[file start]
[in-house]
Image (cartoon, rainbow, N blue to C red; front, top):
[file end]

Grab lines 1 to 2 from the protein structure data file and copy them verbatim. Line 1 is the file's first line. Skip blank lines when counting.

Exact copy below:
[in-house]
Image (cartoon, rainbow, N blue to C red; front, top):